One of the first steps of the invention process is to determine if your idea is indeed a new one. But I feel like many inventors are a little wary of doing prior art searches, probably because they’d rather not discover the truth and “shatter” their hopes. But finding out that prior art (any patent that has already been approved) that is very similar to your idea doesn’t necessarily spell doom for your invention!
There are several ways to search for prior art. Before the Internet, I would visit several local stores and scan the shelves. If I didn’t see my idea, then I thought that was a pretty good “go”. But with the advent of the Internet, doing a more thorough prior art search is much easier. Every inventor must do so. Use the United States Patent and Trademark Office’s website, USPTO.gov. They show you how to perform a search. You can also search for prior art through “Google patents”.
There are also many legal firms who advertise their prior art search skills. This isn’t necessary. Even if you’re paying them, it’s unlikely they’re going to comb through thousands of patents any more closely than you are. You might be tempted to use one, but think carefully. I had one firm tell me my idea was original, only to have another find prior art that conflicted. The overall message is: you are not going to be able to do a perfect job. What if someone has filed a patent or provisional patent application with similar prior art? There is no way for you to know. So do some research, but don’t obsessively search.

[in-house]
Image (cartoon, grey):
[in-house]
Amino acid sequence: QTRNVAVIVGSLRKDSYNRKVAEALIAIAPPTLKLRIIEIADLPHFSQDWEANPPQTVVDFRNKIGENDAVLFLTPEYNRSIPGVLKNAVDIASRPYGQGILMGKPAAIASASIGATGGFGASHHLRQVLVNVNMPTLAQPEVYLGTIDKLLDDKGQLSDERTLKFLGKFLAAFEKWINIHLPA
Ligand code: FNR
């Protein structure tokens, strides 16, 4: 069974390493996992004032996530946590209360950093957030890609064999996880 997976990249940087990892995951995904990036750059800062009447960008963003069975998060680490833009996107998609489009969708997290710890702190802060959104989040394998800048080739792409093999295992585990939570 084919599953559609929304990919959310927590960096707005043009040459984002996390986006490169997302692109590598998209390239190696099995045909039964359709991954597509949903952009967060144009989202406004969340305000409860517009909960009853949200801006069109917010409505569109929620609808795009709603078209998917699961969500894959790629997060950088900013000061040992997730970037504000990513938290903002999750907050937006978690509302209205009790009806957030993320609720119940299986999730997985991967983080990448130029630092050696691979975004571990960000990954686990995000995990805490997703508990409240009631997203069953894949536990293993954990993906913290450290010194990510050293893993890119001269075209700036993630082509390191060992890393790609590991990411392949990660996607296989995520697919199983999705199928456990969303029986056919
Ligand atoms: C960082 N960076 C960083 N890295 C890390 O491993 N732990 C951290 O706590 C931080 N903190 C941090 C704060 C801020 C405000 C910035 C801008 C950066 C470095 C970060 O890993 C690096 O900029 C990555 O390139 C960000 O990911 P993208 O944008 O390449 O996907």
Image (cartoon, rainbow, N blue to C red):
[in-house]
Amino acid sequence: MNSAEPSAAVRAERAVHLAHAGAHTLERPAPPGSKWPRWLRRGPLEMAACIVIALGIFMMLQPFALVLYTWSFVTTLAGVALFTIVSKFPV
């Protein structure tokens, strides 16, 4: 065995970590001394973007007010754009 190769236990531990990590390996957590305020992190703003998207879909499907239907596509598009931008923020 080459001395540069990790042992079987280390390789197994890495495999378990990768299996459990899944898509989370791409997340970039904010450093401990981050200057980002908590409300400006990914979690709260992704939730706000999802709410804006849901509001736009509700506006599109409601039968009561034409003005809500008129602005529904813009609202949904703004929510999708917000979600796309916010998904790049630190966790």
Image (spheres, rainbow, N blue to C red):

If you do find prior art that is very similar to your idea (or the same), call the inventor whose name is listed on the patent! Don’t give up on your idea immediately. Ask if you can license the prior art for a given amount of time, with the goal of bringing the product to market. Ask why the idea never made it to market. Were they just unsuccessful salesmen? Or is there a problem inherent with the idea you aren’t aware of. These individuals have already spent the money to file the patent – learn from them! Maybe you can even team up.
Do what you can, but don’t let searching for prior art take over your inventing process.
Stephen Key is a successful award-winning inventor who has licensed
over 20 products in the past 25 years. Along with business partner
Andrew Krauss, Stephen runs inventRight, a company dedicated to educating inventors about selling their ideas and the skills needed to succeed. You can ask questions and get advice on the inventRight forum, check out the resource center, and listen to the weekly radio show on inventing. Get In The News, list your invention to have media outlets find you for news stories.